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April 1, 2010

Morris: Program's pioneer spirit must chart a new path

KELSEY BONE DROPPED a bomb on the South Carolina athletics department Wednesday when she decided to leave the women's basketball program.

KELSEY BONE DROPPED a bomb on the South Carolina athletics department Wednesday when she decided to leave the women's basketball program.

Before you dismiss her transfer as insignificant because she is not a he and does not play football, men's basketball or baseball, consider the reaction a year ago when Bone announced she was headed to Columbia.

Her decision was celebrated as one made by a program-changer ... not just the women's basketball program, but the entire athletics program. She was considered by some to be the top women's basketball recruit in the nation. In no other major sport had USC ever landed the top high school player in the country, until Bone.

It was stunning news that a player from Houston, who could have played for any traditional power in the country, instead chose to be part of a budding program that she could lead to national prominence.

Bone's decision was celebrated by Dawn Staley and her staff, by other USC coaches, and by the USC athletics administration. Bone's signing verified to the athletics department that it could get done at USC. Her signing signaled that USC had what it takes to recruit and sign the nation's best athletes.

Bone's move was bold, for it takes a special kind of athlete and person to step into uncharted waters. By attending USC, she was telling the women's basketball world she was a pioneer. To help smooth the move, Bone's mother and younger brother moved to Columbia.

The marriage appeared to be made in heaven.

It helped that Bone seemed to revel in the spotlight. She also seemed to recognize her position as a possible savior for the program. She took to USC fans, and they took to her. She was as forthright as she was delightful in interview sessions.

Bone did not disappoint on the court. She stands 6-foot-5, and she made her presence known by leading the SEC in rebounding with nine per game. She was second in the league with eight double-doubles, and eighth in scoring with 14 points per game.

Beyond the numbers, Bone appeared to make progress with her game by leaps and bounds. Tentative early in the season, she became more forceful around the basket by season's end. Her footwork improved. She learned to pass more effectively out of double-teams.

Watching Bone and USC play this season meant keeping one eye on the present and the other to the future. With Bone anchoring the middle of the team's offense and defense, the not-too-distant horizon could be seen. NCAA tournaments and Final Fours were within sight.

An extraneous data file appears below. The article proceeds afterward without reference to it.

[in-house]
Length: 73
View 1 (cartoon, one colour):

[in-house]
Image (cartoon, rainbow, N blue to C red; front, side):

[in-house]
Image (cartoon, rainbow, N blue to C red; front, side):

Unfortunately for USC, it is likely Bone did not see the same future.

Staley dropped several hints to that effect during Wednesday's hastily called media gathering.

"It's a blow," Staley said of Bone's decision to leave. "Of course, it's a blow because I think she decided to do something different last year about this time. I thought she had a pretty decent season for us and made a big impact for our program, and we were looking for her to do bigger things in the future. But she thought otherwise."

Staley was not so subtle in a later comment.

"She made progress during the season, just as all of our players did," Staley said. "Sometimes, when you don't win as many games as you would like and you don't go to the NCAA tournament or NIT, sometimes you start thinking about that as a coach, as a player. I'm quite sure that played a role in it, but I don't know how significant."

Despite all the strides USC made this season, improving from a 10-18 record to 14-15, and more noticeably from 2-12 in the SEC to 7-9, the Gamecocks still fell flat in the first round of the SEC tournament and did not qualify for a postseason tournament.

We can only guess why Bone changed her mind about USC, and why she is headed elsewhere. She is not talking, for now. But the educated guess is that Bone watched the NCAA tournament over the weekend and liked what she saw.

Do not forget that Bone is a teenager, and like all 19-year-olds she is still impressionable. The likelihood is that Bone watched teams playing in the NCAA tournament and realized that she could be part of that. She can transfer to a Texas or Oklahoma, or any other school that can promise her she will play in the postseason every year. She might even play on a national championship team.

There is no promise of that at USC. The only promise here was that Bone could be the first to lead USC to a Final Four. She could be the first to turn Staley's program into a national power.

In the end, maybe Bone decided she was not the trailblazer she first thought she was. There is nothing wrong with that. It just hurts when a school's entire athletics department gets a bomb like that dropped on it.

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